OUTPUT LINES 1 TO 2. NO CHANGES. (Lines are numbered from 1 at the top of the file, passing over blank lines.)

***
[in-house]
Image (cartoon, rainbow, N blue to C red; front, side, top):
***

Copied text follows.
[in-house]
Image (cartoon, rainbow, N blue to C red; front, side, top):